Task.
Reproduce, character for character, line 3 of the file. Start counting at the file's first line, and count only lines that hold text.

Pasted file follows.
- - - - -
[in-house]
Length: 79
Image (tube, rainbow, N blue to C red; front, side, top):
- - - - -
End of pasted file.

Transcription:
Image (tube, rainbow, N blue to C red; front, side, top):